Gabrielle Ray Appreciation Society Stockport

July 19, 2010 Posted by | Actress, Biography, Blue Plaque, Gabrielle Ray, Social History | , , , , , , | 4 Comments

Biography

Gabrielle Ray

(1883 – 1973)

 “Out, out, brief candle!”

 Gabrielle Ray, born Gabrielle Elizabeth Clifford Cook on 28th April 1883 at Bramford Grange, Cheadle, Stockport; the fifth child of William Austin Cook a prosperous iron merchant and Justice of the Peace for Cheshire and his wife Anne Maria Elizabeth nee Holden [i] [ii] [Fig 1.].

Fig. 1.

A blue plaque has been placed at the site of her family home in Stockport by the  Gabrielle Ray Appreciation Society Stockport . Miss Ray remains the only woman to have a commemorative blue plaque in Stockport however it is a disapointment that she does not appear on their list of famous stopfordians .

Miss Ray’s stage début was as “Eveleen” in John Hollinghead’s comic operetta “Maimi” at The Princess’s Theatre, Oxford Street, London on 17th October 1893, aged 10. She performed various roles before appearing as “Red Riding Hood” in the East / Daly production at the Lyric Theatre in 1902. East has first engaged Miss Ray as the “Breath of the Morning” in his production of “Sinbad the Sailor” in 1899, he was so impressed with her performance that he became the first manager to entrust her with a staring role. In addition he invited George Edwardes, a renowned theatre manager to the performance who invited Miss Ray to understudy Gertie Millar in “The Toreador” at the Gaiety Theatre when her current engagement with East had finished [i].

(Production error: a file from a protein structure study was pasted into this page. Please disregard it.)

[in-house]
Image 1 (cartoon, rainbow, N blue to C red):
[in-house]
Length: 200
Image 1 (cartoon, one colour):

Many young artists, like Gabrielle Ray, who possessed the capacity for hard work, enthusiasm and ambition soon learnt the business and had the satisfaction of knowing that West End managers had the habit of visiting the Lyric, scouting for talent. In this way many young artists progressed straight to the London stage or into principle parts on tour [ii].

At the conclusion of the performance the curtain fell to rapturous applause. Early that evening there was a gasp of admiration as an enchanting vision of loveliness floated onto the stage, with large blue eyes and a heart shaped face framed in a mist of burnished golden hair. She moved with graceful fluidity; her dancing was such that her feet scarcely touched the boards. This was Red Riding Hood herself. Her success was assured from that first entrance. An unknown artist Gabrielle ray, nineteen years of age was on the threshold of her dazzling career [iii].